DDT and other Organochlorine Insecticides
Organochlorine insecticides, such as DDT, chlordane, toxaphene, aldrin and dieldrin were the main family of insecticides used following their introduction after World War II. Many of these chemicals originated from attempts to develop agents of chemical warfare, but were found to be lethal to insects.
DDT (Dichloro-Diphenyl-Trichloroethane) is a man-made chemical widely used to control insects on agricultural crops and insects that carry diseases like malaria and typhus. The value of DDT as an insecticide was first discovered in 1939 and the discoverer won the Nobel Prize (1). In the 1952 edition of the U.S. Department of Agriculture's book "Insects: The Yearbook of Agriculture," the agency hailed it as one or our safest all-around insecticides based on its "cost, ease of handling, safety to humans, effectiveness in destroying the pest, and safety to wildlife (2)." However, concerns regarding its effect on the environment were already emerging (e.g., 3,4,5,6), though the true impact of DDT on wildlife would not be known for decades.
|Click on image to enlarge.
The tendency of DDT and other organochlorines to concentrate in the fat of humans, livestock, and wildlife contributes to its ability to adversely affect organisms (7). In particular, greater accumulation in species higher on the food chain, known as biomagnification, has resulted in severe adverse effects on many forms of wildlife, especially predatory species (1). DDT was a major reason for the declines of the bald eagle, brown pelican, and peregrine falcon in North America (1). Exposure to DDT and its metabolites (breakdown products), DDD and DDE, can cause direct mortality to individuals, or result in sublethal effects that can interfere with the ability to survive or reproduce (8). Experimental studies showed that DDE in particular was responsible for effects to reproduction such as embryo toxicity and eggshell thinning (1). DDT is also highly toxic to aquatic life, including crayfish, daphnids, sea shrimp and many species of fish (9). DDT may be moderately toxic to some amphibian species, especially in the larval stages (10).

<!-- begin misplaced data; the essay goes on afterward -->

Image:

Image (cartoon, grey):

The Service was heavily involved in studying the effects of DDT on fish and wildlife, a process which began shortly after the chemical came into use as a pesticide (see US Fish and Wildlife Service Historic News Releases - DDT). By 1945, the Service determined that DDT is "Capable of Considerable Damage to Wildlife, Beneficial Insects, and Indirectly to Crops" (see News Release of August 22, 1945.pdf file]).
The Service continued to conduct studies on, and to voice its concern over, the effects of DDT on fish and wildlife for more than 25 years. It was not until 1972 that the Environmental Protection Agency (EPA) banned the use of DDT in the United States due to potential harm to human health and the environment (37 FR 13369). After 1972, DDT was only authorized for use in a public health or economic emergency (37 FR 13369).
Since implementation of these restrictions, residues of the pesticides have significantly decreased in many regions where they were formerly used. However, DDT, DDD and DDE persist in the environment for a very long time and residues can still be found in most areas of the United States (11). Where residues remain high, adverse effects to wildlife can still occur. For instance, while DDE levels in the environment have fallen dramatically overall, eggshell thickness remains depressed in areas where DDE concentrations persist (e.g. 12, 13, 14).